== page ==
The Partnership to Improve Patient Care (PIPC) and over 40 organizations representing patients, people with disabilities and providers submitted a letter to the Institute for Clinical and Economic Review (ICER) in response to their request for input on their value assessment process. In the letter, the organizations stated, “Simply put, if we aren’t paying for care that patients’ value, we aren’t really paying for value-based care.”
Hon. Tony Coelho
PIPC Chairman, Patient Advocate
Proposals for Medicare and private payers to use CER are understandable, but concerning. Understandable because the challenge of rising costs is real, and policy-makers naturally reach for familiar policy tools. Concerning because it would pull CER away from individualized patient decisions and back towards centralized payer decisions. The end result would be limited choice of treatments based on one-size-fits-all determinations of 'value' for the average patient.
As the foundation of the healthcare policy landscape undergoes a tectonic shift that promises to reward “value” in care rather than “volume” of services, stakeholders of all types have cautiously applauded these changes as needed reforms. Yet, when patients see these principles applied – as is the case with a recent Medicare Part B Drug Payment Model – we can’t help but ask: “value to whom?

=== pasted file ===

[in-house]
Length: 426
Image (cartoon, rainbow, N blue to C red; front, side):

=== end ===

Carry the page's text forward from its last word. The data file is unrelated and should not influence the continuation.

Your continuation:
Health insurers, public and private, should support the provision of care that taxpayers, employers – people – find valuable to optimizing health. However, all too often payer perspectives don’t align with those of patients, caregivers, and clinicians.
In an op-ed published in Morning Consult, Donna Cryer, a President and CEO of the Global Liver Institute, a PIPC member, discusses how ICER's payer-focused perspective could harm patients by limiting patient access to medications. "It is unacceptable when payers, instead of patients and providers, use these reports to drive clinical decision-making based on mathematical assessments of so-called 'average value' – although I’ve never met an 'average' patient," she explains. "It is even more frustrating to think that public programs could sidestep patient protections embedded in the Medicare law through a nationwide 'demonstration project' that would allow these assessments to define treatment value."